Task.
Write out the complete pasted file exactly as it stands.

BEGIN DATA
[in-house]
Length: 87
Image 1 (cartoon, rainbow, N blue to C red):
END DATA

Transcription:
[in-house]
Length: 87
Image 1 (cartoon, rainbow, N blue to C red):